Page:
Amoy Street Food Centre
Amoy Street Food Centre is located right in Singapore’s business district. Both new-generation businesspersons, who have modernized traditional hawker fare, and traditional hawkers can be found in this bustling food court. Avoid going during lunch if at all possible because everyone from the adjacent offices will be out enjoying their favorite hawker fare.
Singapore’s food courts are a godsend for anyone who enjoys eating out because there are so many inexpensive, delectable, and convenient options available there. You’d want to take pictures of your meal and the surroundings when dining at one of these elegant food courts since they elevate the standard hawker dining experience.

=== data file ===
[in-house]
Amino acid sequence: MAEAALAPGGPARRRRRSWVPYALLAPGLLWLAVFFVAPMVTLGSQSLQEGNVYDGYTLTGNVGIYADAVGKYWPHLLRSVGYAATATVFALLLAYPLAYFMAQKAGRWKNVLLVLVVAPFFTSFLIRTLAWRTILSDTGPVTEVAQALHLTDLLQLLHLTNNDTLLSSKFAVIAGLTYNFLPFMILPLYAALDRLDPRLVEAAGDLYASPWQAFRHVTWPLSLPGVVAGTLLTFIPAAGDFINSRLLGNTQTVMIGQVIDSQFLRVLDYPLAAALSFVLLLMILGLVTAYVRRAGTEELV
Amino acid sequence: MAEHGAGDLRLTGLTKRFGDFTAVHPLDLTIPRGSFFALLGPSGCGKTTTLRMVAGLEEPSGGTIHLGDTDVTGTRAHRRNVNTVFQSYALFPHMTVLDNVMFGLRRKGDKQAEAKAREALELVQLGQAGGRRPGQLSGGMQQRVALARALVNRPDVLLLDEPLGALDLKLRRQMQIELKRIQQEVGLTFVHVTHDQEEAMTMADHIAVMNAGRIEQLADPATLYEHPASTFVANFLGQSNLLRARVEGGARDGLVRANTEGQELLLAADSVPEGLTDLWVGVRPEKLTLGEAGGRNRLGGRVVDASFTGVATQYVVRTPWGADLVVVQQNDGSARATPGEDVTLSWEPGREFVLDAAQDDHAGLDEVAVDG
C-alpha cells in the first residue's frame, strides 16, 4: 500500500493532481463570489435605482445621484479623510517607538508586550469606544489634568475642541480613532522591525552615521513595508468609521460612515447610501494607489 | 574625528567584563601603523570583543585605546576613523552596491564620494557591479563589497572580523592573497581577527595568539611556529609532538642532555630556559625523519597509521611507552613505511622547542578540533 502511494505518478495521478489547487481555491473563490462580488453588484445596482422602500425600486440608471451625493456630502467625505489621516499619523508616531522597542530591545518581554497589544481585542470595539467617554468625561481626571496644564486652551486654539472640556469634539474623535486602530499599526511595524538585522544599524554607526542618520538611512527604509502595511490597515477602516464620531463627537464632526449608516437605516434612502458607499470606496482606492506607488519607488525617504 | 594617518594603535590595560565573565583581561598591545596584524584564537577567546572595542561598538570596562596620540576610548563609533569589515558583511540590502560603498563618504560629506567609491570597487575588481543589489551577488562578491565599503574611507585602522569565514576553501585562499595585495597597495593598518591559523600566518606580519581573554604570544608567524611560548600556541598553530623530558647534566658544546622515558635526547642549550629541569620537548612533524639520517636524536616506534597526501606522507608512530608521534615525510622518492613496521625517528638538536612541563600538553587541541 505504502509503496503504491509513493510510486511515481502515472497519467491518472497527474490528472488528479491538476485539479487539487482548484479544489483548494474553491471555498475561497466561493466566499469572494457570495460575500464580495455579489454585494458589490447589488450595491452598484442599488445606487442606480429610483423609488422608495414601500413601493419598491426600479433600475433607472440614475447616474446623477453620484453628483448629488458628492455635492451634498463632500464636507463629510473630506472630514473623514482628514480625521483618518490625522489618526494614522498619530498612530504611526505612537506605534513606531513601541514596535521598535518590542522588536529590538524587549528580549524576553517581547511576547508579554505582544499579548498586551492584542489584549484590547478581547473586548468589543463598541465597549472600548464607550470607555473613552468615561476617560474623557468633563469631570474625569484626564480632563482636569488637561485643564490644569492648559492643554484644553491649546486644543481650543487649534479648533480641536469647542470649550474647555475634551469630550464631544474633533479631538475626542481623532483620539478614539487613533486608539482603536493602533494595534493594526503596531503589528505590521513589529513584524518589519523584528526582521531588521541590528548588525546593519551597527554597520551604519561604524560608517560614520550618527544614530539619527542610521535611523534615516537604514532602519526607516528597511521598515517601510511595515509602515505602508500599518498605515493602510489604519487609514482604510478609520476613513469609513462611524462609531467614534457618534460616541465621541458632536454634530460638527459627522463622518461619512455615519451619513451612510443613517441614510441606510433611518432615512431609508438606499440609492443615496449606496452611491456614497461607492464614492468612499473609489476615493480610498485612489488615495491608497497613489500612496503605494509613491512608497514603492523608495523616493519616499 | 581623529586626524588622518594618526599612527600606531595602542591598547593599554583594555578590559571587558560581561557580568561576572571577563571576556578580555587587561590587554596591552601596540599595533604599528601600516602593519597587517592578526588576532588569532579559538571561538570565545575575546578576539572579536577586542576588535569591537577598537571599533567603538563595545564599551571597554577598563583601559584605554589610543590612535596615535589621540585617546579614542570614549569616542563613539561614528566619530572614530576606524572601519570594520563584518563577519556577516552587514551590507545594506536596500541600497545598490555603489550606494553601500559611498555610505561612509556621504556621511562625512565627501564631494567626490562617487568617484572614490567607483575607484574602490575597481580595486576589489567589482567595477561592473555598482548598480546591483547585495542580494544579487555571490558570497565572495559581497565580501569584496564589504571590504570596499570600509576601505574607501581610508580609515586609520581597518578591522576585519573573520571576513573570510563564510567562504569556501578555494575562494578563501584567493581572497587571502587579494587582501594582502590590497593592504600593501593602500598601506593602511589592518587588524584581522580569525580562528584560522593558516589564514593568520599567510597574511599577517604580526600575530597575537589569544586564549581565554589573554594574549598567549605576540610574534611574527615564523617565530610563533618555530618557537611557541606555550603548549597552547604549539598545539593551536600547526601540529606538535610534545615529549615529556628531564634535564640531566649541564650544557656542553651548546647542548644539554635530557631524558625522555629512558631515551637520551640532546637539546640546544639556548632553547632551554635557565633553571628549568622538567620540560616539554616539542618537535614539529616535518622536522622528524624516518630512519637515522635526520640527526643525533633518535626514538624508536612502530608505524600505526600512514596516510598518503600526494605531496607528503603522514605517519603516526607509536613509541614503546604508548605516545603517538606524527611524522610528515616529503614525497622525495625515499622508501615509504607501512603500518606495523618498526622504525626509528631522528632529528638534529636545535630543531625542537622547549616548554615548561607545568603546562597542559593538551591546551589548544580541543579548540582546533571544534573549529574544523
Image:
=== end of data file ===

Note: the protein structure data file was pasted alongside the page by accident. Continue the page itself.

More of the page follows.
Eatbox by Artbox
The owners of Artbox Singapore, Shilin Night Market, and now Eatbox have all relocated to Tekka Place. You may view the murals, which vary each six to eight months, right outside the entryway and along the hallway. These works of art include amusing cartoons or doodles as well as artwork influenced by regional cuisine.
Food Junction at Great World City
Food Junction at Great World underwent a significant renovation at the beginning of the year that swiftly moved into both the present and the future. The digitalized ceilings and other space-age features in today’s food court can give you the impression that it is the year 2050 when you visit. To fit the setting’s motif, every food stand in the Food Junction food hall resembles a train car.
The Bedok Marketplace
The Bedok Marketplace is a 10-minute walk from the Tanah Merah MRT station. Each kiosk appears like a shop in Chinatown. There are several hawker stalls in Simpang Bedok’s Bedok Market Place where you can purchase delectable meals for a small portion of the cost of a restaurant.
Southside Interim Market